Siriusly Bright

   Seriously? Siriusly! “Bad it is,” as Yoda would say.
   The point of this is that it is during this time of the year when, for northern hemisphere observers, a large group of the brightest stars in our night skies are all above the horizon. These include the bright stars that make up what is called the winter hexagon, a six-sided shape connecting 6 different constellations. The stars, apparent magnitude, and constellation making up the Winter Hexagon are Rigel (0.15) in Orion; Aldebaran (0.84) in Taurus; Capella (0.06) in Auriga; The Gemini Twins, Pollux (1.15) and Castor (1.56); Procyon (0.37) in Canis Minor; and Sirius (-1.47) in Canis Major.
   Also adding to the seriously bright celestial group are our two brightest planets, Venus (-3.98) in the west, and Jupiter (-2.45) in the east.

[centup]
Caution: Objects viewed with an optical aid are further than they appear.
Click here to go to the Qué tal in the Current Skies web site for more observing information for this month.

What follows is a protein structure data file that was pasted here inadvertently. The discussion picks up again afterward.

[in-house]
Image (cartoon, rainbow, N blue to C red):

Leave a Reply

Fill in your details below or click an icon to log in:

WordPress.com Logo

You are commenting using your WordPress.com account. Log Out /  Change )

Google+ photo

You are commenting using your Google+ account. Log Out /  Change )

Twitter picture

You are commenting using your Twitter account. Log Out /  Change )

Facebook photo

You are commenting using your Facebook account. Log Out /  Change )

Connecting to %s

This site uses Akismet to reduce spam. Learn how your comment data is processed.